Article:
National Post Online, December 3, 2009
The Hollywood Stock Exchange is a virtual market where more than one million people buy and sell films based on how well they think a movie will perform at the box office during its opening month. The Blind Side, a Sandra Bullock tear-jerker about a homeless man who becomes an NFL star, recently sent the market through the roof.
"You could’ve bought a share for $45 and it’s now trading at $145 — that was a pleasant surprise," says Richard Jaycobs, president of the Cantor Exchange, a company that aims to one-up The Hollywood Stock Exchange: They seek to trade movie futures with actual money, starting in early 2010. "The Hollywood Exchange is a virtual market, but it’s a great indicator of the enthusiasm people have for trading box office results."
It may need a play straight out of The Blind Side to get SEC approval for its new initiative, though. After applying for a licence last November, the company has seen its application sit in limbo for more than a year.
"It gets dangerously close to essentially gambling on business, even if they make it seem soft and fuzzy because they attach it to films," says Montreal-based technology analyst Carmi Levy.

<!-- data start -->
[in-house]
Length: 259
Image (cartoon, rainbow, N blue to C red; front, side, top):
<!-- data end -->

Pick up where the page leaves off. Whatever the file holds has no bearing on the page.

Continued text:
Jaycobs, however, says he isn’t concerned. "Frankly, Washington has had its hands full with a whole bunch of issues we didn’t expect since last November, but my guess is we’ll open late in the first quarter or early second quarter — in time to trade the bigger summer films."
To hear Jaycobs tell it, shares in a Hollywood blockbuster will be something, like shares in Tim Hortons, that the public will own. He envisions a future in which employees of James Cameron’s Lightstorm Entertainment get the chance to purchase a percentage of his Avatar film (which was trading at $190, recently jumped to $270 and is deemed "a buy" until it hits the $300 mark, if it does).
"People have more passionate opinions and more knowledge about movies than they do about the stocks in their portfolios," says Jaycobs, who also envisions personalities like James Cramer and Ben Stein hosting shows on CNN and CNBC warning the public about which movies to buy or sell. "Our demographic is essentially the same people you find in a lot of real money trading; probably more male than female and a combination of professional traders, movie enthusiasts and people with commercial interest in films."
Counsel has recently been hired in Canada to investigate the legality of running the Cantor Exchange on our markets. Meanwhile, The Hollywood Stock Exchange continues to grow. Sandra Bullock was actually asked to become a spokesperson for the company, but the actress is still basking in the success of The Blind Side. As one of the few actresses in Hollywood who can practically guarantee a US$20-million opening, her asking price was deemed more than the market could bear.